The goal of the validation procedure is to get a model performance that is not biased by group/time leakage.

I can imagine that an ideal validation scheme that would reflect the actual prediction time situation for that problem would take the following into account:

  1. Groups – clients, ensure client’s observations are not in train and validation sets at the same time.
  2. Time – make sure that the model is not training on future clients and predicting on clients from the past to avoid look-ahead bias.

I find it a bit inconvenient as it requires implementing custom validation procedure that could cause some additional problems (e.g. highly different train/test sizes with repeated validation). Therefore, I’d like to drop the second assumption. For that to be a reasonable thing to do, I believe that what I need to check is whether the actual time series (spend given date) are somehow dependent (correlated) on the same dates for different clients (I assume it will not be the case).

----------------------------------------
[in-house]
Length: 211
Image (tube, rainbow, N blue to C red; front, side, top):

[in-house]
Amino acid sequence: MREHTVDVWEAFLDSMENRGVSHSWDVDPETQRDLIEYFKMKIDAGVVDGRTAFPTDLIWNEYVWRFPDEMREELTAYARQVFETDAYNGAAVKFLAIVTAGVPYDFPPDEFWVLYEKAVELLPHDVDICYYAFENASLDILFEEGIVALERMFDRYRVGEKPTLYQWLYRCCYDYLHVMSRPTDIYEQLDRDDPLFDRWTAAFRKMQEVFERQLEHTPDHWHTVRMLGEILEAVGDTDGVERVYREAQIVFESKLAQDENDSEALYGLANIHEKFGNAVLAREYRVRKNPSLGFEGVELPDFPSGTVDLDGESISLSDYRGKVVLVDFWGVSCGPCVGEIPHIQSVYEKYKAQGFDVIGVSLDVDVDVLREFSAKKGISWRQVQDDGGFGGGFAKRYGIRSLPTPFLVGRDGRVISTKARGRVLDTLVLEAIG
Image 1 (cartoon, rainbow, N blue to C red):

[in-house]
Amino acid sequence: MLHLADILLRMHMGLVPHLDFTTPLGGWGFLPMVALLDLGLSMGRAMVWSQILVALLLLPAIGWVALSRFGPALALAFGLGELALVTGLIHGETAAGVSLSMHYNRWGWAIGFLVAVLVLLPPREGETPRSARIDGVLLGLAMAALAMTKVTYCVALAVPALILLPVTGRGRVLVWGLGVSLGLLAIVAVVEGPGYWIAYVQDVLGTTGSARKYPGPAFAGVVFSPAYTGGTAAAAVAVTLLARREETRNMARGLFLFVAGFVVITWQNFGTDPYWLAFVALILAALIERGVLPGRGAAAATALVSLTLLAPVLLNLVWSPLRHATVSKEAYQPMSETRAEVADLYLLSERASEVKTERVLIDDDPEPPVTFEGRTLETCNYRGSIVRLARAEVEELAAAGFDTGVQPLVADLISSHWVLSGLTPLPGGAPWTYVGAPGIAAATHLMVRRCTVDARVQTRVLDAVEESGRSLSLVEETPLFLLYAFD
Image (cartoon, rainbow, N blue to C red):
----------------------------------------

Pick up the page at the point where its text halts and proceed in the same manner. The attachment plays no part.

Now the questions are:

  1. Is it the right thing to check?
  2. Is comparing time series of different clients on the same dates enough?
  3. Is there a better/proper way to asses such dependency?
  4. Perhaps I need not to validate that or anything else for the reasons I’m not seeing?


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#StackBounty: #regression #time-series #panel-data Time series model for multiple different series observations

Bounty: 50